TDAI wins NSF Big Data Spoke award to combat opioid epidemic in rural communities

TDAI has received an NSF Big Data Spoke award to help small and rural communities in the Midwest harness big data to combat the opioid epidemic.

In partnership with Nationwide Children’s Hospital, Wright State University and the University of Chicago, the project, entitled “Community-Driven Data Engineering for Substance Abuse Prevention in the Rural Midwest,” will create an openly accessible tool called OpenOD to help agencies and organizations addressing the epidemic link and analyze data from myriad sources.

TDAI Interim Executive Director Raghu Machiraju will lead the collaborative project along with co-PIs Anish AroraAyaz Hyder, Courtney Lynch and Pamela Salsberry. Ohio State’s $651,000 portion of the $900,000 grant will last three years.

Communities of every type face barriers to getting crucial data into the hands of individuals on the frontlines, including data siloes across multiple organizations such as law enforcement, public health departments and health care providers; the stigma of drug abuse and privacy and security concerns that deter information sharing; and disparate methods for collecting and managing data.

Communities of every type face barriers to getting crucial data into the hands of individuals on the frontlines. The OpenOD tool will be designed specifically for use in rural communities, where “dead zones” in cellular service and a lack of communication infrastructure can compound these challenges significantly.

OpenOD will be designed specifically for care providers’ use in rural communities such as Ohio’s Appalachian counties, where “dead zones” in cellular service and a lack of communication infrastructure can compound these challenges significantly. The new, cloud-amenable framework will include Internet connectivity with both mobile and non-mobile capabilities as well as a data commons and user-friendly data analytics and visualization tools.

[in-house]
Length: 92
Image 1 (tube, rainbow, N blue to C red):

Leveraging input from community organizations will be key to ensuring that OpenOD fulfills end users’ needs. Researchers will partner with local stakeholders to understand existing strengths and gaps in local cyber infrastructure, the local landscape of available data, and the types of training modules and courses that local educators and other partners can utilize within their communities to combat opioid addiction long-term.

The resulting tools could help first responders and health care providers obtain critical up-to-date information, or help individuals and families dealing with addiction to locate resources such as a treatment center.

“To be a translational success, the tools we make must effectively address stakeholders’ needs as defined by those stakeholders, not by us,” says Machiraju. “We will be building and validating the tools with them and for them.”

Ultimately, these new links among data sources will empower communities to save and improve lives with accelerated responses and improved preventive strategies around opioid use, deliver valuable data sets to researchers and educators in addition to care providers, and increase big data-related literacy and engagement among rural populations that are underrepresented in STEM fields.

Down the road, the OpenOD model can also be scaled and applied to other societal problems such as infant mortality, crime and natural disasters that require multi-pronged strategies and many different community groups to address. Those, too, would be based on input from policymakers, care providers, first-responders and others.

“We learn from our community partners what they feel will be most efficient and beneficial at the local level,” Machiraju says. “Creating solutions to the challenges they are facing every day is how we as researchers can make the greatest contribution toward improving the human condition.”

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